Rebel Rodriguez, Arvada, Colorado’s Woman of the Year, and Little free food bank!

Rebel Rodriguez is the 2017 Arvada Chamber Woman of the Year.

Here in Arvada, Colorado our woman of the year, Rebel Rodriguez runs an amazing food bank serving disadvantaged residents and Arvada’s homeless.  She also stocks an equally amazing little free food bank on the corner of Grandview and Olde Wadsworth at the Rising Church.  The Blessing Box.

Inspiring me to make snack and lunch bags for our children and homeless.

Thank you Rebel for your community service, to read more about Rebel go here to Rebel’s article.

Operation Christmas Child

 

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Each year our little community at Simpson United Methodist Church fills shoe boxes with surprises for children in need of a smile.

Operation Christmas Child is a project of the international relief organization Samaritan’s Purse. Donations of shoe boxes filled with small toys, hygiene items, and school supplies for children who do not receive gifts, children affected by war, poverty, natural disaster, famine and disease; and to children living on Native American reservations in the U.S.

The program started in the United Kingdom in 1990 by Dave and Jill Cooke has expanded and since then has delivered gift-filled shoe boxes to over 135 million children in more than 150 countries and territories.

Some fun things I found this year?  A fluffy puppy purse with for some lucky girl (I wanted to keep it for myself and secretly named it Henry), and fold up back packs with about 30 different smiley face emoji decorations, purple for girls and blue for boys.

Thrift Store Rescue and Origami

imageFound:  one package of premium origami paper.

Cost:  $0.99

imageUse:  donated to church.

The church has two uses.

The  candle lighting area for concerns or celebrations.   The small dish of folded origami crosses, take one after you light your candle as a remembrance.

The monthly card ministry.  Each month’s recipients receive an origami surprise.

 

2015-11-15 Messages Received from Sermon by Tezenlo Thong “Lessons from Hannah, Our Mother of Faith”

“Lessons from Hannah, Our Mother of Faith”

(1 Samuel 1:4-20; 1 Samuel 2:1-10)

Messages Received:

  • Find God’s message in your heart
  • Share God with others
  • Rejoice in answered prayers
  • Prayer is how you live your life
  • The God in us. to share is goodness
  • We should pray not only for ourselves but for those in our lives and those in need.
  • Pray without ceasing
  • Shocking statistic about our Veterans, there are more death by suicide than deaths in war – combat
  • Shocking statistic about U.S. prisons, we have the largest prisons in all the world, mostly populated by minorities, with the prisoners feeling no future and no hope

 

2015-11-15 Sermon by Tezenlo Thong “Lessons from Hannah, Our Mother of Faith”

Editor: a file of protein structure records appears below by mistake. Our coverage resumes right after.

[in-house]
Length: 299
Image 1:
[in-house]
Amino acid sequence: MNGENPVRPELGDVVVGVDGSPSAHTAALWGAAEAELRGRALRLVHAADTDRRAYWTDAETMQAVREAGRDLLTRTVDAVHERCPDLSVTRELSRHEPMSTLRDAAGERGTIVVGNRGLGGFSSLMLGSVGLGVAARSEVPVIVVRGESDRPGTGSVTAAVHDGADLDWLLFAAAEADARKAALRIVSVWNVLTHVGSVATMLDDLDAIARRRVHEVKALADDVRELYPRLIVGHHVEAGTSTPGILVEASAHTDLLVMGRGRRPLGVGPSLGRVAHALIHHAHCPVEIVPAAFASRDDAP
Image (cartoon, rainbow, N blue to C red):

“Lessons from Hannah, Our Mother of Faith”

(1 Samuel 1:4-20; 1 Samuel 2:1-10)

Today’s lection is the last of three weeks that focuses on women at the margin of society. Like Ruth last Sunday, Hannah is a woman who was marginalized and discriminated for reason beyond her control. She was barren or childless, and it was a shame for a woman not to bear a child. In the Bible, God is said to be one who opened and closed the womb, and there is no biblical story about an infertile man. So like many cultures, barrenness is considered a woman’s problem, not a man’s. Barrenness or infertility is thus construed as a divine hand or curse. Now, having a son would validate Hannah and restore her status in society.

In many male-dominated cultures, having no children, especially male children, was a sign of failure in life. It is seen as lack of a future because the “bloodline” is continued through the male child. Walter Brueggemann in The Prophetic Imagination says that barrenness is a metaphorical reference to “a loss of a future and therefore to hopelessness.” He says that “the notion of barrenness may be taken as a condition of despair in our society.” Indeed, it could be taken as a condition of our churches today. Many churches lament that they don’t have young people, youth and children. These are our future who have vanished and have very little or no interest in church. Where then is the future of the church? Hannah’s barrenness, wilderness, emptiness or insecurity of the future is perhaps a reflection of the state of the church today.

Also think of so many people who experience a deep sense of the lack of a future ahead of them. They see no way forward. Think of the veterans who suffer mental problem with no hope for future. Think of undocumented aliens who face deportation and separation from their loved ones any moment. They may be working hard, but their future is grim and uncertain. But the good news is that God “opened” Hannah’s womb and she gave birth to a son who became one of the greatest prophets. The church is called to be hope for the hopeless, to hold out hope and make a way for those who see no way.

Tezenlo Thong, Pastor
Simpson United Methodist Church